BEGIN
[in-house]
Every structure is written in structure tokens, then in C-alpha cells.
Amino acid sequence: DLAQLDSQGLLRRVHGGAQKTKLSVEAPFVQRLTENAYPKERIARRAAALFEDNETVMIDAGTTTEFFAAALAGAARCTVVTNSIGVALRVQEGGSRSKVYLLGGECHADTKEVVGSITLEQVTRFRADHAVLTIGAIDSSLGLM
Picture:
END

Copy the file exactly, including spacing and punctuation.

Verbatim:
[in-house]
Every structure is written in structure tokens, then in C-alpha cells.
Amino acid sequence: DLAQLDSQGLLRRVHGGAQKTKLSVEAPFVQRLTENAYPKERIARRAAALFEDNETVMIDAGTTTEFFAAALAGAARCTVVTNSIGVALRVQEGGSRSKVYLLGGECHADTKEVVGSITLEQVTRFRADHAVLTIGAIDSSLGLM
Picture: